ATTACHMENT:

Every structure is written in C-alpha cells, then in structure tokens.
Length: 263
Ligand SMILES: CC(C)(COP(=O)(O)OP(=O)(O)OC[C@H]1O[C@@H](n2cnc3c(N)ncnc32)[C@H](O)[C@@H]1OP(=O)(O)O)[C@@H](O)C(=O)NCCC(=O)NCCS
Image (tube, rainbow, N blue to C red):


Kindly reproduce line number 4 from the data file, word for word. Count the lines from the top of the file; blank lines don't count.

Image (tube, rainbow, N blue to C red):